Has Sena become intolerant to the “voices” of dissent?

Sameet Thakkar - Uddhav Thackeray Editorial

The BJP IT cell member Sameet Thakkar, who was arrested for posting “objectionable” tweets against Maharashtra Chief Minister Uddhav Thackeray and his family members, was finally granted bail on Monday by a Nagpur court. The Nagpur-based industrialist and a BJP sympathiser, Thakkar was arrested on October 24 by the Nagpur police from Rajkot in Gujarat.

The BJP IT cell member, Sameet is one of at least 50 accused (including people and social media accounts) named in police complaints in the state since April over similar allegations. This is irony for a progressive state like Maharashtra where the state power has an intolerant attitude towards criticisms. Its police machinery is now “arbitrarily” arresting those critical of the government whether he is a journalist, social worker or a politician.

Over the past six months, the legal cell of the ruling Shiv Sena has approached Mumbai Police and other police stations across the state with multiple complaints, alleging derogatory comments about its leaders and the Thackeray-led Maha-Vikas -Aghadi government. These complaints have resulted in several FIRs that name over 50 accused.

The Sena claimed that most of the people who make “sweeping statements” about the Thackerays and the MVA with “derogatory language” are supporters of the BJP. However, the BJP, accuses the Sena of misusing power to “silence detractors”. The classic examples are the case of Thakkar and journalists of Republic TV. The Republic TV is a known critic of the Thackeray government. Even Mishra, the legal cell in-charge of Sena said, “All those who had and are still motivating and helping Sameet Thakkar in such cyber crime matters, police will take strict action against all of them.” Surprisingly, the cases have set the stage for the latest face-off between former allies Shiv Sena and the BJP, who now lead rival alliances in Maharashtra.

The first such complaint that the Sena’s legal team filed under the MVA government was in April this year, against one Paresh Borse, a resident of Navi Mumbai. Borse had allegedly posted an image on Facebook showing the CM and his son Aaditya, also a cabinet minister, carrying a coffin on their shoulders and smiling. “Corona rugna sarvat jasta Maharashtrat, Corona mrutyu sarvat jasta Maharashtrat. Avghad ahe,” the post said. The same month, Mumbai Police arrested Borse for allegedly morphing the images of the CM Thackeray and his son Aaditya. While Borse’s arrest did not attract too much spotlight, a few other cases, including arrest of Thakkar, shot to attention on social media platforms. One Delhi-based advocate Vibhor Anand was arrested by the state police for allegedly spreading conspiracy theories in connection with Rajput’s death. And the list goes on….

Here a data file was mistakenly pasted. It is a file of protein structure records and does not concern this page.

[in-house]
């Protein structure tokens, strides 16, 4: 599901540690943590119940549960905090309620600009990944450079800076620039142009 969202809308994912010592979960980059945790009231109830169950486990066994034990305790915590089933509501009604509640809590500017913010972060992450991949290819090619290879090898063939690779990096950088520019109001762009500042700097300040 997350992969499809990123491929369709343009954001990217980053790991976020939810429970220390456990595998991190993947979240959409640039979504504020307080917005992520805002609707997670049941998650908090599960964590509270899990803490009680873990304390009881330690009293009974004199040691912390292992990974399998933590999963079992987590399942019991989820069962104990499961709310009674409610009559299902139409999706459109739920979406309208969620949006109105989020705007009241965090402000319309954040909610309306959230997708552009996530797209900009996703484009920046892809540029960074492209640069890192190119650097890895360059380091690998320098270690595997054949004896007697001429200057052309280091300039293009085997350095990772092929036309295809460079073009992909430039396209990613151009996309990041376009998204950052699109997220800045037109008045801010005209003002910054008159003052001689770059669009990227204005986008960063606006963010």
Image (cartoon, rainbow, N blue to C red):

The BJP IT cell member, Thakkar, who is followed on Twitter by many important and influential people of the country, including Prime Minister Narendra Modi, faces multiple FIRs, including three filed by the Sena. The Sena filed the first complaint against Thakkar in Mumbai in April, alleging that he was misguiding people about the state government’s handling of the Covid crisis through his tweets. A second FIR followed in July, after he allegedly described Uddhav as “modern-day Aurangzeb” and referred to Aaditya as “Penguin beta” in a tweet. He has been facing cases in Mumbai as well as in Nagpur for posting the tweet.

It seems that the Sena was silencing dissent. In a democracy, there is bound to be criticism and dissent, but here the party and its leaders seem to have come up with a new law that no one speak against the government and its leaders. They are totally misusing their power to silence detractors. The government and the Sena should introspect and correct themselves where they have erred, rather than showing intolerance towards criticism.

 – Pradip Kumar Maitra